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World Water Day 2012 examines the relationship between water and food security

Posted by on Thursday, March 15, 2012 in Dining, News, Water.

Have you ever thought about where the water you drink, cook with, or bathe in comes from? Access to clean water is central to our well-being. It is a critical resource necessary for survival, contributing to human health, nourishment, irrigation and transportation. When we turn on the faucet or shower or flush a toilet, we don’t often think about the possibility of water being a scarce resource.

United Nations World Water Day, recognized annually on March 22, aims to highlight the importance of the sustainable management of freshwater resources. The theme for 2012 is “Water and Food Security,” emphasizing the connection between better access to clean water and lower levels of famine, undernourishment, and food shortages. As competition for water and food across the world increases, conservation of precious resources becomes more important.

Consider the following facts about water and food security around the world*:

  • Water scarcity already impacts every continent and more than 40% of the people on our planet. By 2025, 1.8 billion people will be living in countries or regions with absolute water scarcity, and two-thirds of the world’s population could be living under water stressed conditions.
  • There are over 7 billion people to feed on the planet today and another 2 billion are expected by 2050. This population increase means that 70% more food will be needed, up to 100% in developing countries.
  • It takes nearly 800 gallons of water to produce enough food to satisfy a person’s daily needs. Each person drinks anywhere from 0.5 to 1 gallon of water every day. However most of the water we consume is embedded in the food we eat, meaning that wasted food equates to wasted water.
  • 396 gallons of water are required to produce about 2 pounds of wheat. It takes 10 times more water (3960 gallons) to produce the same amount (2 pounds) of beef! Producing feed crops for livestock, slaughtering and the processing of meat, milk and other dairy products also require large quantities of water.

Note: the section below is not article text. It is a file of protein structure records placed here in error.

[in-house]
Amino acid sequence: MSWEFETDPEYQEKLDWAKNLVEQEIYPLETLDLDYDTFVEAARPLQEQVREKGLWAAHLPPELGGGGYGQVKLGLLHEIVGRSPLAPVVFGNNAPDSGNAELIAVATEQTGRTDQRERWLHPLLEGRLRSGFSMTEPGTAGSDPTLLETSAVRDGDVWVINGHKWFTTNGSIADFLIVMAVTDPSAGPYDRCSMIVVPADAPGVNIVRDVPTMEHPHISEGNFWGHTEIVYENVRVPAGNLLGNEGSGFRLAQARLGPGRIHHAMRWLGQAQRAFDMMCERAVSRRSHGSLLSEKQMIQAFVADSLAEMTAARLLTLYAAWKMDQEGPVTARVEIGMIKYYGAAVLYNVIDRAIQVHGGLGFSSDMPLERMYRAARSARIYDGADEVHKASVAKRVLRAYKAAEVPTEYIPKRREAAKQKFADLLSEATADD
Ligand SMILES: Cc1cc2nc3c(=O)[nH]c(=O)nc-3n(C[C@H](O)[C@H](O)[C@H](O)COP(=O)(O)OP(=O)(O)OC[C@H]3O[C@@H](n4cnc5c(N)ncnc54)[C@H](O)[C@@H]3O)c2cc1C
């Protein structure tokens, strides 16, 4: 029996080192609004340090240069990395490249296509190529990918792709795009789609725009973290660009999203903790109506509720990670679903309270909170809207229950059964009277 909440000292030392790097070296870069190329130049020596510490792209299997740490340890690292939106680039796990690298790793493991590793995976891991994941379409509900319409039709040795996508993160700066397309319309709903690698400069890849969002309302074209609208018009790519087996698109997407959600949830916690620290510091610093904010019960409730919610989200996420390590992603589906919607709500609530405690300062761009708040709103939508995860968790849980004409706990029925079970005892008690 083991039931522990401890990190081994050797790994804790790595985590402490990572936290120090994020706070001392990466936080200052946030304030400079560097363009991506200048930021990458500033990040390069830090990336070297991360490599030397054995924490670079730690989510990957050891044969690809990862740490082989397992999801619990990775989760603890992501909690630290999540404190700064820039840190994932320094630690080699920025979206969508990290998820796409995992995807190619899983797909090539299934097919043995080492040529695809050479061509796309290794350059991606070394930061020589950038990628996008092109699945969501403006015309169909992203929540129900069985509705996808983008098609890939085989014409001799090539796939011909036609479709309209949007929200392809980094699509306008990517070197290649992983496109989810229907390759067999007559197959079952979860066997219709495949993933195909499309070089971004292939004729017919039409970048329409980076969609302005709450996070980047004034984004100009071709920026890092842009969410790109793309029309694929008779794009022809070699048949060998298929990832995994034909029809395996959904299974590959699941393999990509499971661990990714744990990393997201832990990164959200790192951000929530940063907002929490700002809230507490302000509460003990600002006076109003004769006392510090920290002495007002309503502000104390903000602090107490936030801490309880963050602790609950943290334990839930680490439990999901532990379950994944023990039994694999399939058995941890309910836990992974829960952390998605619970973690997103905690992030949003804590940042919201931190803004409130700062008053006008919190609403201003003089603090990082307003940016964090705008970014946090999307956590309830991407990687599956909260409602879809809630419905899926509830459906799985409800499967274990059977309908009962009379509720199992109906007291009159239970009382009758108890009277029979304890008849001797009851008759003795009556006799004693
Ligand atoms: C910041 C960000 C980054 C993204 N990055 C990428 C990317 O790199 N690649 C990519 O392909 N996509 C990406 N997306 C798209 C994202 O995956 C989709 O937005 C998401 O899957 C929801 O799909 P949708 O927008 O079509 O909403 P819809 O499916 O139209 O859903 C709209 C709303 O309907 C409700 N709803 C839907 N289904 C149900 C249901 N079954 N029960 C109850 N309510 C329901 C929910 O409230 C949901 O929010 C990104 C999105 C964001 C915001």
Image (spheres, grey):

Did you know about these water conservation projects at Vanderbilt?

  • Plant Services and Plant Operations Plumbing Shops’ have retrofitted thousands of water-saving bathroom fixtures on main campus and in the medical center, which result in estimated water savings of over 30 million gallons and $175,000 each year.
  • Plant Operations continues to capture non-potable groundwater that collects in utility tunnels beneath campus to irrigate the athletic fields and in the on-campus cogeneration power plant cooling towers. By capturing this water and redirecting it, Vanderbilt is reducing water purchases from Metro Water and sewer by an additional 50 million gallons a year.
  • Plant Services has implemented condensation recycling in MRB III, which takes water from the air and redirects it to the building’s cooling towers rather than sending it down the drain. The project saves an estimated $32,000 and 2.5 million gallons of water each year.

If you’d like to do your part on World Water Day, here are several suggestions for conserving water and food waste:

  • Turn off the water when it is not in use.
  • Wash full, rather than partial, loads of labware, dishes or clothes in cold water, which also saves energy, whenever possible.
  • In residential environments, take efficient showers and turn off the water when brushing your teeth. Consider using a shower timer to gauge the amount of time you actually spend in the shower each day.
  • Don’t purchase, order, or take food that you won’t eat. Wrap-up any leftovers in your own reusable to-go container to enjoy later or consider freezing them for a future meal.
  • Purchase food items that have been produced sustainably utilizing practices that are environmentally-friendly, healthy, ethical to both humans and animals, and supportive of farming communities. Look for items produced locally without pesticides, chemical fertilizers, factory farming, hormones and non-therapeutic use of antibiotics.
  • Try eating vegetarian for a meal – you might like it! Production of meat can be resource intensive, consuming fossil fuels, water, and land, and creating pollution and greenhouse gas emissions.

For more information about World Water Day 2012, visit the United Nations World Water Day web page. For more information about Vanderbilt’s sustainability program, visit SustainVU, become a fan of SEMO’s SustainVU Facebook page, or contact SEMO at or 322-2057.

*Statistics retrieved and adapted from the United Nations World Water Day 2012 Frequently Asked Questions web page.

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